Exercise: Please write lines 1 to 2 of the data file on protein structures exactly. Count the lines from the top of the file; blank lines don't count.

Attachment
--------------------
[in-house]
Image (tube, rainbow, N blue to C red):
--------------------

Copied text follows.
[in-house]
Image (tube, rainbow, N blue to C red):